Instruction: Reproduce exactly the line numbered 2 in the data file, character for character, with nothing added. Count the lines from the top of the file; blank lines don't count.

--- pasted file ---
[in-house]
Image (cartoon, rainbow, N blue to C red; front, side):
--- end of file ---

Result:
Image (cartoon, rainbow, N blue to C red; front, side):